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Council selects leaders, welcomes Hodge to fold
Adkins, Teague tapped as Mayor, Vice Mayor
Martinsville Mayor Kim Adkins (right) addresses those in attendance as newly elected Vice Mayor Gene Teague looks on Wednesday at City Hall. Adkins was elected for a second term as mayor by the council, and Teague succeeded Kimble Reynolds Jr. as vice mayor after Reynolds’ term expired. (Bulletin photos by Mike Wray)
Kim Adkins was re-elected mayor and Gene Teague was elected vice mayor by Martinsville City Council in unanimous votes on Wednesday.
During the council’s organizational meeting, Sharon Brooks Hodge took her oath of office as the panel’s newest member, having been elected by voters in November. She takes the seat previously held by Kimble Reynolds Jr., who did not run for a third four-year council term.
Reynolds was the vice mayor until his term expired.
Martinsville Circuit Court Clerk Ashby Pritchett also administered oaths to Councilmen Mark Stroud and Danny Turner. Both were re-elected to second terms in November.
Unlike many cities where mayors are elected by voters, Martinsville’s mayor is elected by council members from among themselves every two years. The post basically is ceremonial, with the mayor’s main duty being presiding over council meetings. The mayor’s vote carries the same weight as other council members’ votes.
Turner nominated Adkins for her second term as mayor. Adkins, executive director of the West Piedmont Workforce Investment Board, has been the mayor since 2010. At that time, she was the first person in 60 years to become mayor immediately upon joining the council.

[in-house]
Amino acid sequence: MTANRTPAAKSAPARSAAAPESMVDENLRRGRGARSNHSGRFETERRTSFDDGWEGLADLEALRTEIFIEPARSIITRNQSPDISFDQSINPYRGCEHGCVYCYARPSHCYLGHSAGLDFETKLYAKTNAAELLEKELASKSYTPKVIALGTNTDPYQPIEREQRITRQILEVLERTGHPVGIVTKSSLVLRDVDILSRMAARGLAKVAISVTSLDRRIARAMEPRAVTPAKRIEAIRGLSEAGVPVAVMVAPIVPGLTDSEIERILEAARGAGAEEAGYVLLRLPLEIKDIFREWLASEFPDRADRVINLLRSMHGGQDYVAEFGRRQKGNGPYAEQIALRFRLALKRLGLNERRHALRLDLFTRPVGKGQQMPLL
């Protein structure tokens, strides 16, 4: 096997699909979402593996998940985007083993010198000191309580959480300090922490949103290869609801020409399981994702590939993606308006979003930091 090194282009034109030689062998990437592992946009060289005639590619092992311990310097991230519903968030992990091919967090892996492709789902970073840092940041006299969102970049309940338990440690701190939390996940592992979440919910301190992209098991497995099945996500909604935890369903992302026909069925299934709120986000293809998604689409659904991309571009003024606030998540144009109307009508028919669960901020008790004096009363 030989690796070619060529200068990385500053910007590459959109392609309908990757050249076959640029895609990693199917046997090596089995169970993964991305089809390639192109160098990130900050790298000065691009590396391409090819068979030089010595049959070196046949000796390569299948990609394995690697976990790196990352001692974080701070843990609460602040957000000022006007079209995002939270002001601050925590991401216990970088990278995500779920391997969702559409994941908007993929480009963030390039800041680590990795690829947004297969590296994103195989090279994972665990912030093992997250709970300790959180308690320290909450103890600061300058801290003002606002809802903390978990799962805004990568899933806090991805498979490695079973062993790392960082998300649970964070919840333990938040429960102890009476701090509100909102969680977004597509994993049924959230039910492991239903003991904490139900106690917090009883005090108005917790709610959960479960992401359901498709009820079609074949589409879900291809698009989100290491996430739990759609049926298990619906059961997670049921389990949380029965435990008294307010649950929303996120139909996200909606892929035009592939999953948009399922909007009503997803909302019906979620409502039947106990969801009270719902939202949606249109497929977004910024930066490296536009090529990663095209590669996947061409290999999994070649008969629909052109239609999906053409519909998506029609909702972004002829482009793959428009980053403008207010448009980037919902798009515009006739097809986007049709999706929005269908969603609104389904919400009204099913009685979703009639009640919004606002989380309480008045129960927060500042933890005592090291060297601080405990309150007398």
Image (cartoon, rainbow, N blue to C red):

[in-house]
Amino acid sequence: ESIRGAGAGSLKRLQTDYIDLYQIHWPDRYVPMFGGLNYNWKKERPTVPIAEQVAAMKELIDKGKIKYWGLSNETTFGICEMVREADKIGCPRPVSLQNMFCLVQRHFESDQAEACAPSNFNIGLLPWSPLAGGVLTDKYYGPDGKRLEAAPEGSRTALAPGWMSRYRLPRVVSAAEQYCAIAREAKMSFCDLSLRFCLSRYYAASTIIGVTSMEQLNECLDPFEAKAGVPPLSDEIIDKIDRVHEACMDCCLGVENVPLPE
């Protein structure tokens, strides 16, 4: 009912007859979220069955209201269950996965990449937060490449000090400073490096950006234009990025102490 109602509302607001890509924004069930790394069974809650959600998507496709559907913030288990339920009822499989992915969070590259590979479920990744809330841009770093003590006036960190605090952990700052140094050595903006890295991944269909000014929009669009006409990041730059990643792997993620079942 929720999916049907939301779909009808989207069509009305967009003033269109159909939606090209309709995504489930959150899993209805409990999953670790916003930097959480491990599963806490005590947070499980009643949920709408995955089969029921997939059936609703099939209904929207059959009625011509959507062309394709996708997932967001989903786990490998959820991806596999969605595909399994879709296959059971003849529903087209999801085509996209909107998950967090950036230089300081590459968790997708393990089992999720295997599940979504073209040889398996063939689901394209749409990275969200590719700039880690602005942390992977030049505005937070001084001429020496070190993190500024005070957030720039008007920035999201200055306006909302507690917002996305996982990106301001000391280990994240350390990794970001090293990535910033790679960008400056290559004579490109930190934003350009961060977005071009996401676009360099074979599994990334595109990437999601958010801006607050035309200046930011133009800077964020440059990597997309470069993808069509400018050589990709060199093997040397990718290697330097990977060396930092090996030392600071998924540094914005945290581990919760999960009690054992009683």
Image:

Stroud nominated Teague, director of business planning for VF Sportswear, for vice mayor. Teague, the longest-serving councilman, was vice mayor for two terms from 1998 to 2002. He was mayor from 2002 to 2004.
Like mayors, vice mayors serve two-year terms.
No other nominations were received for either post.
In prepared remarks, Adkins thanked other council members for re-electing her as mayor. “It’s a responsibility I will continue to take very seriously,” she said.
In the past two years, she said, city officials have reduced expenses “while maintaining quality services and not sacrificing investments in our future.”
Ongoing efforts by the city and others to renovate Martinsville High School, rejuvenate the uptown business district, launch a medical school and further develop the New College Institute will improve Martinsville and its ability to attract new jobs and residents, she said.
Private developers want to invest in new construction and renovate some existing buildings uptown, Adkins said. Some of their interest has not been publicized, but it will be later this year “if all goes as planned,” she said.
By residents, community organizations and city officials working together, she said, “we will continue to invest in our city to create a charming and dynamic place to live and work, a city we ... can be proud of.”
“Martinsville’s brightest days are ahead of us,” Turner said. “We’ve got the groundwork laid ... (and) we’ve got the team (of city administrators) to lead us in the right direction.”
Turner is a retired United Parcel Service employee.
In congratulating Teague on being elected vice mayor, Adkins said “his expertise in local government and experience on council are invaluable.”
“I’ll do my best to serve you” well as vice mayor, Teague said.
Hodge is the first black woman to serve on the council, which now consists of three men and two women. Leading the meeting’s invocation, Bishop J.C. Richardson Jr., who is on the Martinsville School Board, said the council’s composition now more closely reflects the city’s population.
Hodge, executive director of the Ohio-based Black Family Preservation Group Inc., did not address that issue in her comments. Instead, she said she hopes that people who did not vote for her will support her.
In recent weeks, she has been meeting with city department heads to learn about the city’s operations and budget. She indicated that will enable her to be fully involved in issues facing the council sooner rather than later.
“It’s not going to take me four years to learn to do my job,” Hodge said.
Stroud, a retired Martinsville Sheriff’s Office master deputy, said he is “very proud of being the top vote-getter” in the last election.
Other than his family, he said, “nothing is more important to me than being able to serve my city.”
The council informally decided to continue holding its regular meetings at 7:30 p.m. on the second and fourth Tuesdays of each month.